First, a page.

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Why Summer Is a Great Time to Find a New Job

Summer Job SearchSummer Job Search
The seasonal slowdown is a step up for your job hunt.Friso Gentsch—picture alliance via Getty Images

Ah, summertime. The days are warmer and longer, the kids are out of school, and at any given moment, some of us are either taking a vacation or daydreaming about it. It's a great time to chill out and put your job hunt on hold for now, right?

Not so fast. "No one says to the chief financial officer or the head of IT, 'Hey, don't bother hiring anyone until after Labor Day'," says Marc Cenedella, CEO of Ladders, a career site for people making $100,000 a year and up. "Companies still have projects going on, goals to meet, and job openings to fill." What's more, he adds, "most of your competition for those jobs is kicking back and taking it easy until the fall."

Moreover, the slower, quieter pace means that "reaching decision-makers is often much easier," notes Brenda Stanton, a vice president at career management firm Keystone Partners. "Everyone is a little less rushed and distracted. So it's not unusual to call a hiring manager on a summer Friday afternoon and get an interview for the following Monday."

Here are five ways to make the most out of your summer job search:

Invest more time in a knockout cover letter. The seasonal quiet means that a cover letter —which ordinarily may or may not get a quick glance— might actually be read. "Take a little extra time to customize the letter for each job you're applying for," Stanton suggests. "Emphasize why you'd be a perfect fit for that particular job."

By her lights, this is just as important as customizing your resume, if not more so. "Most apps and websites now offer the option to send a cover letter, and most people don't bother," she says. So choosing to send one helps you stand out. "HR people and recruiters have told me that a good cover letter really does make a difference. It shows you went that extra mile."

Take someone out to lunch. What's your old boss up to these days? How about your office buddies from, say, two jobs ago? "At this time of year, it's usually easier to get on people's calendars for lunch or drinks," observes Cenedella. "It's a great chance to reconnect with people you may have lost touch with."

You never know. Former colleagues may now be, or have, friends in high places. Or they may have heard some industry scuttlebutt that could point you toward an opportunity you'd otherwise never know about. Even if not, pick people you recall having genuinely liked, and at least it'll be fun to get together and catch up.

Take advantage of summer parties. Job seekers often hesitate to mention their search at, say, Uncle Clyde's annual barbecue —even if this blowout is packed with local bigwigs and others who have stellar business connections. "People often feel awkward bringing up their search in a social setting that's not supposed to be a 'networking event'," notes Stanton. "But there are ways to do it gracefully, without seeming needy or pushy."

One surefire approach: Listen first. Ask someone what they do (or, if you already know that, how work is going these days), and listen carefully to the answer, perhaps summoning up a few further questions and a thoughtful comment or two. At that point, "the conversation will naturally come around to your own situation," Stanton says. "Then, when you briefly describe what you'd like to find in your next job, it's in the context of the conversation."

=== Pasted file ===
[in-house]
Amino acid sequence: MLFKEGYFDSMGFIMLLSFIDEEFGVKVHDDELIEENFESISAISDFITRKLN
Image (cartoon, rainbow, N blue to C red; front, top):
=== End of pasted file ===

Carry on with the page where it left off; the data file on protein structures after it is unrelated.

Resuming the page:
Not only that, she adds, but being a good listener —and coming across as "relaxed and approachable," as one tends to be at parties— "makes you someone that others want to recommend. People want to help people they like."

Buff up your resume. You may not have altered this document much recently, but "everyone really should do a 'resume check' at least once a year anyway," says Cenedella. "The summer slowdown is a good time to do that." Besides adding any recent achievements, a new title, or anything else that isn't on there yet, Cenedella recommends cutting "everything that's fifteen years old, or older."

That may seem draconian if you're particularly proud of having doubled your sales team's numbers from 2001 to 2002 or some such feat. Cut it anyway, says Cenedella. "Business is changing so quickly that whatever you did before 2005 just isn't relevant now." Detective novelist Raymond Chandler once remarked, "In writing, you must kill your darlings." That applies to resume writing, too.

Be ready to meet a stand-in interviewer. Let's say you've thoroughly researched online the CIO who'd most likely be interviewing you for the tech job you want. Then you get to the meeting and find out that that person is away on vacation —surprise!— and that you know nothing about the person sitting across from you.

Don't panic. "At the end of any job interview, you should always try to find out your chances of getting an offer," says Stanton. "So be bold. Ask the substitute interviewer, 'Do you think I'm a good fit for this position?' Try to get a sense of whether he or she is planning to recommend you."

If you really have your heart set on getting in touch with the person you expected to meet, Stanton adds, ask whether the stand-in would mind if you sent an email to say hello (and reiterate your interest in the job) when the CIO is back.

Getting the go-ahead does two things. First, "you don't want to seem to be sneaking around or going over the stand-in's head, which could easily backfire," says Stanton. "After all, the CIO chose that person for a reason." And second, "asking is courteous. Job hunting is basically a sales process, where what you're selling is yourself. So always be aware of who, besides the hiring manager, might be influencing the 'sale.'" Noted.

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